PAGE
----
The Doctor has promised Tegan that they will visit her grandfather in the English village of Little Hodcombe, in the year 1984. But evil lurks in the village's ancient church, and a historical re-enactment soon takes on a dangerous dimension for the Doctor and his friends...
COMMENT 1 (MATTHEW WALTER) - SPOILERS
It's Monday evening, and on Friday morning BBC AUDIO's DOCTOR WHO - THE AWAKENING had unceremoniously thudded down onto the coir doormat and I'm on my third listening.
And that is unheard of.
For eyeofhorus.org.uk , I have virtually reviewed all of the unabridged versions of the TARGET novels and in Eric Pringle's singular story I have become addicted to. And I'm scared. I might have to listen to it for a fourth time.
But why is it so "addictive"?
Simply put, it is the reassuringly relaxed yet poignant reading of Nerys Hughes (from the 1982 CLASSIC SERIES story, KINDA). Hughes' a hidden gem, delivering a gloriously subtle yet inspiringly dramatic reading complimented by expressionistic music score and atmospheric special sound effects (credit to Meon productions once again), and I truly hope that she is engaged (by BBC AUDIO) to read Christopher Bailey's Mara "dualogy" (the aforementioned KINDA and SNAKEDANCE).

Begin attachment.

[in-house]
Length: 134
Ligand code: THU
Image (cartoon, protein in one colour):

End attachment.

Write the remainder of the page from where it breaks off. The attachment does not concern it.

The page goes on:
Surprisingly, her reading of the Fifth Doctor's two-parter novel exceeds the expectations set by the televised drama as, whilst is mirrors more or less the scene-by-scene action, it fleshes out the relationships & history between the residents of the troubled village of Little Hodcombe.
Refreshingly, it takes six unhurried chapters of DOCTOR WHO - THE AWAKENING for the Doctor and his travelling companions to make an appearance, and in those opening chapters you should be warned that if you are of a nervous disposition then listening behind the sofa might help. The hunting of a disbelieving schoolteacher by unyielding armed horsemen is superbly described, and chillingly re-enacted by Hughes.
In his development of characters, Pringle allows the reader to credit the misguided & coerced Colonel Ben Wolsey with greater sympathy, whilst his "commander-in-chief", Sir George Hutchinson is blighted with a blind lust for power (courtesy of the psychic Malus creation), whilst Jan Hampden is more grounded and rationale than, at times, Polly James portrayed on television.
However, and in some way it is refreshing, it is the TARDIS secondary-crew that served poorly by the author, relegated to "But why, Doctor?" and "Run, Tegan!", whilst the alien genetically-engineered machine (Malus) is genuinely threatening, reaching out to the malleable (oh; the tinclavic metal - where did the "squashy-metal" come from if the Malus had been encased within the fabric of the church?) Hutchinson.